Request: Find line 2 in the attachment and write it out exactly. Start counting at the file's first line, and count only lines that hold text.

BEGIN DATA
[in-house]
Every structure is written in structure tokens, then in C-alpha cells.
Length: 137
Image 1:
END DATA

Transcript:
Every structure is written in structure tokens, then in C-alpha cells.